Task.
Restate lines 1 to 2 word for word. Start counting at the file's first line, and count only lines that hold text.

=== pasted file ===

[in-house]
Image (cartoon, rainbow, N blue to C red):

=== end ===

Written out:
[in-house]
Image (cartoon, rainbow, N blue to C red):